The appeal of these beasts to an ISP
, and the pitch made most heavily by the salesman, is that the caching will reduce demands on Internet bandwidth
, which is generally the ISP's largest revenue expenditure - Internet bandwidth is expensive
, and salesmen promise reductions of as much as a half or more.
The problem for the customer is that you are just at the mercy of the proxy for your web connectivity. In effect, the ISP is introducing a single point of failure into the most-used part of their network - if the proxy goes down then their support desk will be flooded by customers who have lost all web access.
(If this happens to you, your best recourse is to have an external free public proxy ready, operating on a port that isn't port 80, and configure your browser to use it - your traffic will then pass by the transparent proxy, or its layer 4 switch, which is only intercepting packets on port 80. A handy trick which I've used more than once, since, for various reasons, I'm stuck for the present with an ISP that forces the indignity of a transparent proxy on me, and it often fails.)
The advantage, in terms of bandwidth-saving, is real enough, on the supposition that a lot of customers will be visiting the same few sites. However, with the advent of more and more interactive web sites (which should be flagged as uncacheable by the proxy configuration), the evolution of various peer-to-peer protocols (which consume an ever-increasing proportion of an ISP's bandwidth) and the continuing rise in streaming Internet media, this advantage will diminish over the years to come.
One other problem, not mentioned above, is a security one. If you visit a site whose authentication is by cookie, and whose default page is authenticated, then you may either see a page left by a previous user at your ISP, or you may leave yours in the cache. For example, I've sometimes gone to http://www.everything2.com/ and seen pages that have 'belonged' to other users, from my ISP's proxy cache, and I've been told other E2 users have seen mine, including 'private' /msgs.
This is because the proxy uses the browser request and the url to tell whether a site is interactive, and shouldn't be cached, or static and should be (for example the presence of a question-mark in the url, or POST-data in the request, tells the proxy not to cache.) But if you just go to www.everything2.com, there's neither POST-data nor CGI variables after a question mark, so to the proxy the page looks like it should be cached. The way to avoid this happening (on E2) is to bookmark a node (your homenode, whatever - I use /index.pl?node=plebeian) and enter E2 there instead of the front page - the presence of the question-mark in the url is enough to tell the proxy not to cache it (assuming the proxy is configured correctly). Once you're logged in, clicking on Welcome to Everything is safe, because it will produce a url with CGI variables in it, and it won't get cached.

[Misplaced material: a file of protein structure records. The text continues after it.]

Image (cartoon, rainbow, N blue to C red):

In fact I've seen this problem with two separate ISPs. The problem may well be that the cache settings in the proxy are incorrect, and that it will deal with cookies correctly if coaxed (though of course such delving into the details of the http headers is an ugly piece of design, necessitated by an ugly technology, somewhat akin to the way a NAT router is forced to delve into the wrong layer of the network model in order to deal properly with ftp transactions, though since http and its associates present much more of a moving target, it's likely to go wrong far more often.) Also, such technicalities may be difficult to bring to the attention of the sysadmin of a large ISP such as British Telecom's BTOpenworld, where the first line support staff have a tendency to hang up on you if you broach an issue not covered by their script system.
Further concerns, for the more paranoid, might be that the proxy's logs may provide your ISP with a very easy way of tracking your web-consumption, and (a separate issue) you can actually get transparent proxies that will insert advertising directly into the web pages you are retrieving - one example I've heard of recently, which may have been down to this, was an E2 user who found that whenever the word 'slots' came up on an E2 page, it was a link to another (unafilliated) site offering online gambling. Fortunately my ISP hasn't yet stooped so low.
Of course, transparent proxies may also be used in order to censor what webpages are available for the user to see, and I believe some organisations are already using them in this way.
Overall, and this, really, is my point, it's a technology which puts more control over the user in the hands of the ISP - and have no doubts, unless you are the executive director or a shareholder in said ISP, this is a Bad Thing - which is another reason it appeals to the larger and more commercially minded companies in the field.
By all means provide a caching proxy, make it the default, even, in the script or CD that sets up the users' web browsers, but making it 'transparent' (compulsory) is a step too far, in my view, symptomatic of the way the freedoms of the home computer user are being eroded by the concerns of big business, and I'd strongly advise anyone who has the choice to use an ISP that doesn't do this.